advocates dates back to 1801, when legislation passed at Westminster absorbed Ireland as part of Britain. The united structure of Britain persisted only until 1937, when the Republic of Eire seceded from Britain, which clung on only to Northern Ireland because of its predominantly protestant population. And we all know what a bloody civil war that led to.
The next step in British devolution came in 1999, when the Scottish parliament was formed. Accordingly, the Scots gained control over subjects such as agriculture, education, environment, health, the judicial system, police, sports and the arts. Westminster, however, retained outright control over broadcasting, the civil service, electricity, energy, defence, foreign policy, social security and monetary stability and
taxation to a limit of 3% of that administered by London. In other words, devolution in the UK system offers examples in two extremes: first, outright secession (as in Ireland in 1937) and second, the Scottish parliament of 1999. As the above details show, however, the Scottish system parallels closely the provincial councils system we introduced in 1987, which two decades of history show, have been an abysmal failure not just in the north and
east, but everywhere else in the country.
And it is a mistake to believe that the Scottish parliament has put paid to Scottish nationalism. Indeed, the Scottish Nationalist Party has steadily increased its showings at elections since 1999, and the SNP now forms the official opposition in the Scottish parliament. Rajapakse would therefore do well to do some bedtime reading on British history before touting the British model as a panacea for Sri Lanka. He would also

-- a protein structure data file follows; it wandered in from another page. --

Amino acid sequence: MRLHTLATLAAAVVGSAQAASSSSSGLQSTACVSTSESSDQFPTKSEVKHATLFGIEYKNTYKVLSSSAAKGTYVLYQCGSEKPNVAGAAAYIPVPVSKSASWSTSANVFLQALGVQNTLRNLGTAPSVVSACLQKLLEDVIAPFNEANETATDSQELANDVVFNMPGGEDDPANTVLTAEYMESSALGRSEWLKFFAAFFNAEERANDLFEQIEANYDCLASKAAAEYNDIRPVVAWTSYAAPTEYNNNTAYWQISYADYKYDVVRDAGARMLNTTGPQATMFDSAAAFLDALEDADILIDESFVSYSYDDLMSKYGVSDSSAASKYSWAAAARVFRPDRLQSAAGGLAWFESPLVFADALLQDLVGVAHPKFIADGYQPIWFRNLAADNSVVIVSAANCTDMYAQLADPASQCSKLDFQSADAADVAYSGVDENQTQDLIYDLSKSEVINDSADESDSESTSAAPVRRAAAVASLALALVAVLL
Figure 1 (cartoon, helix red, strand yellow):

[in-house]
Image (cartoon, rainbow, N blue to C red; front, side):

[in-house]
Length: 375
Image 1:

do well to remember that the union of Scotland and England was purely the result of the House of Stuart (headed by Charles I) replacing the House of Tudor on the death of Elizabeth I in 1603. It was not as if the people of Scotland decided that they would, after all, like to join hands with the English.
While packing his bags to head off to Geneva, Nimal Siripala Silva must wonder which of the President’s mixed messages he should take with him. Is it for a revision of the CFA? Is it for a unitary British-style state (ignoring the Irish secession for the nonce)? And he must wonder why it was that the ace he was to carry, indeed, the only ace in his pack — the disbanding of the Karuna faction — was publicly conceded by
Rajapakse a whole week before the talks even began. It seems that the wrong people were getting those tutorials in negotiating skills: Rajapakse should have been the prime pupil.
So, even before the Geneva talks begin, we know precisely what each side will concede. The Tigers will concede nothing, and we will concede the disbanding of Karuna. That however, will send a message of the utmost discouragement to any other LTTE factions that wish to oppose Pirapaharan and side with the government, as Karuna did. Rajapakse, it seems, has decided to offer on the altar of sacrifice the only credible opponent
there has ever been to Velupillai Pirapaharan — Vinayagamurthi Muralitharan, alias Karuna.
And so it seems Sri Lanka will continue to muddle on, as rudderless and clueless as ever, a case of the blind leading the blind. The young men will die in battle, and the ever more rapidly breeding populace will not see the promised land in this lifetime. Rajapakse, it seems, is set to shift from the well-worn Namo Namo Matha to Land Of Hope And Glory, A. C. Benson’s stirring unofficial national hymn for the
United Kingdom, splendidly set to music by Edward Elgar. Hope, Mr. President, we have had for a long time; in the wake of Geneva, pray present us with a spot of glory. Heaven knows we could use it.